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Organizing is labor in Mexico: U.S. companies especially resist unions.

U.S. companies especially resist unions

TIJUANA, Mexico -- U.S. corporations south of the border know all the tricks.

One weekend earlier this year, when no one seemed to be looking, Glenn Furniture of Huntington Beach, Calif., decided to quit its Tijuana maquiladora assembly plant, leave without paying the workers, and take its machinery back over the U.S. border -- all in one lightning-swift move.

Alerted Tijuana workers occupied the plant -- legal under Mexican law -- and stayed for weeks in 24-hour shifts, determined to force the company to pay at least the two weeks' back wages it owed.

Finally, the workers were partially successful. They recouped $250,000 when they sold the machinery. At Glenn, a person answering the telephone, when asked to explain Glenn's departure from Tijuana, told NCR, "I cannot discuss that with you." He said the company was no longer in business.

If employment for a maquiladora worker is tentative at best, trying to organize democratic unions to protect those workers requires unusual persistence and risk. Workers suspected of unionizing can be summarily dismissed, as happened to Javier Hernandez Hernandez.

Almost any U.S. plant in Tijuana, facing a work force that is organizing, can "disappear back over the fence in the space of a three-day weekend," said Jelger Kalmijn, of the San Diego and Tijuana-based Partido Revolucionario de los Trabajadores.

San Diego-based Kalmijn, along with Mary Tong of San Diego's Beyond Borders magazine, typify U.S.-side solidarity with maquila workers all along the U.S-Mexican frontier. Kalmijn and Tong stressed, however, that it is people such as Tijuana-based democratic union organizer Jaime Cota and fired Plasticos Corp. worker, now organizer, Javier Hernandez, who carry the real load.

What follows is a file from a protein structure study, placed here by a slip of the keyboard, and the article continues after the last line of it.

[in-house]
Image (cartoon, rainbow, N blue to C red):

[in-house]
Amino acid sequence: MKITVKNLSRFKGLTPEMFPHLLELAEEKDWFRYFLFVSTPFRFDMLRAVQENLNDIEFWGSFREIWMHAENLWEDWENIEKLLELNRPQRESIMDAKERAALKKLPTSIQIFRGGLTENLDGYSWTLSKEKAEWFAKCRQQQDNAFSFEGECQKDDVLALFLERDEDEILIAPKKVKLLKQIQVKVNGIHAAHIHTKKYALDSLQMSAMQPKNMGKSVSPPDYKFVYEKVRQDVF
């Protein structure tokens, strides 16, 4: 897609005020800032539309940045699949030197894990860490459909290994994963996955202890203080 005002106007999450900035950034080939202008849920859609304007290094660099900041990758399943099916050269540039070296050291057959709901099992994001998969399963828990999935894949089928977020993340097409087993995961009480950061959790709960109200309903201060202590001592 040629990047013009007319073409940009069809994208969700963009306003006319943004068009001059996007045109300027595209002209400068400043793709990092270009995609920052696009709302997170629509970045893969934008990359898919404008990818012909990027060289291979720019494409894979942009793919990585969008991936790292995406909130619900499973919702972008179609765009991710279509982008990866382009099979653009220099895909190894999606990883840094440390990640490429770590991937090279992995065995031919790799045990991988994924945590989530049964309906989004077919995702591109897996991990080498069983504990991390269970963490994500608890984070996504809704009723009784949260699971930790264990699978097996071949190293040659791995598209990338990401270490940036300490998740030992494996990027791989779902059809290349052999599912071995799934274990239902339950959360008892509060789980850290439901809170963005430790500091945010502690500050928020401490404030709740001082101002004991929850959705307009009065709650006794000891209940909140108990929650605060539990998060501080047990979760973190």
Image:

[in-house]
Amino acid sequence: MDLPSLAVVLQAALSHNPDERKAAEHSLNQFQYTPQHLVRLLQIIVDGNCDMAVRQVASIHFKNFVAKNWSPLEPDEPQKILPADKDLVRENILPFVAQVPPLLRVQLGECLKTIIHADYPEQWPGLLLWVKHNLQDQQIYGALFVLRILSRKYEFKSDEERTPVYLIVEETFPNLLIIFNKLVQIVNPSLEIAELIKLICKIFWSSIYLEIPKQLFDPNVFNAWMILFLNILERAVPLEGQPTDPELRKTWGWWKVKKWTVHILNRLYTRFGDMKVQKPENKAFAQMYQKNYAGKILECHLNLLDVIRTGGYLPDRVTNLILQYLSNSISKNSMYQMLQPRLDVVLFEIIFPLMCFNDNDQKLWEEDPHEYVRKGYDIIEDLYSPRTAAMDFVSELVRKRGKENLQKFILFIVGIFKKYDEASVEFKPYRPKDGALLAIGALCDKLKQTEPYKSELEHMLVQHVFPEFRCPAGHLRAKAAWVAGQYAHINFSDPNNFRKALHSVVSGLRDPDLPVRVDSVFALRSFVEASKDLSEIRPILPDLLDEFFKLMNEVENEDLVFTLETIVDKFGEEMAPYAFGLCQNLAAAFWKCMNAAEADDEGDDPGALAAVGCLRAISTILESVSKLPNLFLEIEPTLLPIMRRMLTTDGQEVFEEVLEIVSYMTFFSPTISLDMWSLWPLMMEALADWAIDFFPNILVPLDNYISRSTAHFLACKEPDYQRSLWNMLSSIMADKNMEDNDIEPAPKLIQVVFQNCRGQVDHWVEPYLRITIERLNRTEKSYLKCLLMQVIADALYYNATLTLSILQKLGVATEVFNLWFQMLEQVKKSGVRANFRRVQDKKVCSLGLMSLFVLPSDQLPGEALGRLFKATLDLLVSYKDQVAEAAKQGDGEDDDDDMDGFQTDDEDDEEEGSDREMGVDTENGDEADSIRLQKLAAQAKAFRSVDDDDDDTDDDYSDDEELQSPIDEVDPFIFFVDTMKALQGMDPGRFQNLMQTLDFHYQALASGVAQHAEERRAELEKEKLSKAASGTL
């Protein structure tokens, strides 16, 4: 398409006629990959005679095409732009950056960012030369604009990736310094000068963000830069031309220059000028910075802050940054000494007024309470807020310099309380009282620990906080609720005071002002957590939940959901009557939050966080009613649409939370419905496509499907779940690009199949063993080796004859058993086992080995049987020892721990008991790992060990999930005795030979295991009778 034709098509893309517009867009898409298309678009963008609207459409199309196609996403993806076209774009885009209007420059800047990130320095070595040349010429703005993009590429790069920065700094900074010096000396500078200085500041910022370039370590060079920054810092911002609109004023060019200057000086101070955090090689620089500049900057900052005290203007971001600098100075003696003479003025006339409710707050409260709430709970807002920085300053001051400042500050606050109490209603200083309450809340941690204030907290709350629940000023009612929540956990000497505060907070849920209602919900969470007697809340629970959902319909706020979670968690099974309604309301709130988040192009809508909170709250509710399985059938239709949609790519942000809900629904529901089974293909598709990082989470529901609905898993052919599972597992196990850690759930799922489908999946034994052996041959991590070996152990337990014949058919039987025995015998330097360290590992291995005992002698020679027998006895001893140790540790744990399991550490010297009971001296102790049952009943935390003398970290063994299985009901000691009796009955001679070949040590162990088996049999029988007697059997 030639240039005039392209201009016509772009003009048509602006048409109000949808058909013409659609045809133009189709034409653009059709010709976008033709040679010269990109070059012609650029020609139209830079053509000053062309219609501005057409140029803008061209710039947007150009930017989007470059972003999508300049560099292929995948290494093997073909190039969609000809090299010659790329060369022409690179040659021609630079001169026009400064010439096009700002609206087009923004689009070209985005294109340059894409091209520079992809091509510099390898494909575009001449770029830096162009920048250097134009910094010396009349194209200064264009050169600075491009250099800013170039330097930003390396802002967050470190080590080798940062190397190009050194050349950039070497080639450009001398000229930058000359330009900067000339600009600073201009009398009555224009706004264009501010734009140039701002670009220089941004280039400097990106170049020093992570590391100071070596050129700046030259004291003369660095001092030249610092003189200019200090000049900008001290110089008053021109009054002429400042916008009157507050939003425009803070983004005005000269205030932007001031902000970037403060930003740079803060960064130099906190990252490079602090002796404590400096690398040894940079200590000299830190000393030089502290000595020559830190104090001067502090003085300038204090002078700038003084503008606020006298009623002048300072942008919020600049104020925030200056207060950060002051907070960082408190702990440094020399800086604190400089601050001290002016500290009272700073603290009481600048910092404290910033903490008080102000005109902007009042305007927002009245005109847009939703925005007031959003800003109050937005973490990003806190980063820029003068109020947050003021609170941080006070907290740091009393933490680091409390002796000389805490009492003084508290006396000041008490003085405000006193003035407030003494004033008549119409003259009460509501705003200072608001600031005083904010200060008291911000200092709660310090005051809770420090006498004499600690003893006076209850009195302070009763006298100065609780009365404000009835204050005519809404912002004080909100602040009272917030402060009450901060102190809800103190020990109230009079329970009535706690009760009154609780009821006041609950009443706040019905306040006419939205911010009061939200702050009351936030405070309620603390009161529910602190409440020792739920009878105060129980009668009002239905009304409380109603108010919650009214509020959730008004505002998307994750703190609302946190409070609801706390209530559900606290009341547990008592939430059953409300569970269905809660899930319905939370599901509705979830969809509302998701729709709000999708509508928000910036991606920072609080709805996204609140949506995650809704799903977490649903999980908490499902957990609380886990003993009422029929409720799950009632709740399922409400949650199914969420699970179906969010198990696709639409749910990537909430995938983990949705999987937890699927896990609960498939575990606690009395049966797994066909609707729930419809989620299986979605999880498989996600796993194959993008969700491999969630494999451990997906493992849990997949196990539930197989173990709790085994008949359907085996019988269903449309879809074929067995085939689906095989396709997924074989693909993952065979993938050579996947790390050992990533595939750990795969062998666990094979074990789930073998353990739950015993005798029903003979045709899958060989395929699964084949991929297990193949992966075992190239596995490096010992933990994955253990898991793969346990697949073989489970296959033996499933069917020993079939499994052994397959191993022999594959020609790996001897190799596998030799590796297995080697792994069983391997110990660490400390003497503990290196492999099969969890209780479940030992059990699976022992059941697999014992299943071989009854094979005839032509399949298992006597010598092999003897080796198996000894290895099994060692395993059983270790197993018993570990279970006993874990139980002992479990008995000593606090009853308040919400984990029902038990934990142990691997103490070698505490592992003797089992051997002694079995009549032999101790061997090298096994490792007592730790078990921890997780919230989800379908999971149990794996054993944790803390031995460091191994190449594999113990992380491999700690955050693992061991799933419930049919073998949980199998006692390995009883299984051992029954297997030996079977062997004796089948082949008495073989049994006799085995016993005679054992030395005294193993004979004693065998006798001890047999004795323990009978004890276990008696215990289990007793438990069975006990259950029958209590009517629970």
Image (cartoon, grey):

Democratic union organizers face opposition from the government, as well as from corporations and corrupt unions, explained Cota.

Labor organizers in Mexico always stress the democratic union aspect of their work because, while most Mexican industries are covered by unions -- such as those under the acronym CROM, the Regional Confederation of Mexican Workers -- those syndicates usually take their direction from the government or the employers, are antidemocratic, corrupt or a mix of all four.

"Reorganizing (in the Baja California area of Mexico) didn't really start again until this year," explained Cota, because the former governor had "beheaded the student and popular movements" during the 1980s and it had taken time to rebuild. One current focus of Cota's and Hernandez's activities, assisted by a U.S.-side Committee to Support Maquiladora Workers, CSMW, that Kalmijn and Tong organized, is the Plasticos BajaCal plant in Tijuana, a subdivision of U.S.-based Carlisle Plastics, which manufactures coat hangers. Issues at the Plasticos plant, including safety, wage differentials, pay lost during Tijuana's devastating spring floods, and the firing of a pregnant woman, were the topics during interviews this summer in a Tijuana barrio where electricity has not arrived and water is hand-carried.

In a two-room plywood home with a television set attached to two car batteries, current and former Plasticos workers talked about their hopes and the risk of organizing. These workers, who average $6 a day for a six-day week, said that Plasticos might be amenable to union discussions because it is doing too well financially to walk away from its Tijuana assembly plant.

"I don't believe they will do that," said Cota, "because they are making huge amounts of money, and the company feels safe." Hernandez, a Plasticos organizer who survives financially as a CSMW "Adopt an Organizer" campaign recipient, explained, "The workers' situation is very difficult. The women face joblessness (for unionizing), but as soon as we talk to them they realize the necessity for a democratic union."

Meanwhile, one Plasticos official has been quoted as saying the organizers were building up images of labor unrest as part of a campaign against NAFTA.

But U.S.-side solidarity groups, all along the U.S.-Mexican manufacturing border, contend that the complaints against maquiladora working conditions and the environmental hazards that accompany the zone are too consistent for anti-NAFTA sentiment to carry the blame.
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Author:Jones, Arthur
Publication:National Catholic Reporter
Date:Sep 17, 1993
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